There are design strategies available to avoid the bookend bloat we discussed in Part 2, it’s not inevitable, but a focus on Seat Time alone ignores the under-leveraged benefits of Micro Learning: flexibility and digestibility.
The power of Micro Learning isn’t necessarily that it reduces Seat Time, but that by leveraging flexibility and digestibility it increases adoption of learning content and drives higher completion percentages than traditional eLearning models. No one felt they had time for your 30-minute lesson, but they feel confident they can complete a few 6-minute lessons here and there as business allows.
In this way, Micro Learning pivots your lessons from burdensome chores that distract from business to a welcome breather from the hectic day-to-day. This shift in mindset creates exponential benefits in satisfaction and retention throughout the lesson itself and might even leave your employees looking forward to their next learning break.
So how do learning teams unintentionally subvert this seemingly innate benefit of Micro Learning? Well first, they don’t correct for the first two pitfalls discussed in parts one and two, but then they don’t adjust their deployment model, messaging, and scheduling of training.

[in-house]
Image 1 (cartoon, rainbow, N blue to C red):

Consider a hypothetical scenario from the Learner’s point of view: a manager is informed that in order to support a new initiative, she’ll need to provide her staff 30 minutes to complete a series of trainings next week. She is to factor this into her scheduling and ensure that each associate has adequate time to complete the learning.
Through our deployment model we just turned our multiple Micro-Learning lessons into a 30-minute monolith in the minds of our Learners. Additionally, we also:
- Created a scheduling headache for management
- Removed the flexibility that is inherent to Micro Learning
- Set our learners up for inevitable fatigue as they take six lessons back to back.
We’ve lost Micro Learning’s innate flexibility by deploying our multiple Micro Learning lessons as a block and requiring completion in one sitting, but we’ve also negated the digestibility of Micro Learning as we’ve maintained the same cognitive load as our traditional 30-minute lesson would have carried. Worse still, unless your LMS has great UX to move Learners from one lesson to the next seamlessly, we’ve added additional time and friction in forcing the Learner to navigate the LMS 6 times over for no real benefit.
Takeaway: Don’t blow it on the last step. Micro Learning requires an implementation and deployment method that leverages its strengths. Consider deploying a smaller chunk of lessons each week and allowing associates to embrace the flexibility that Micro Learning brings by extending completion timeline targets. If your LMS doesn’t make this easy, take a look at ours.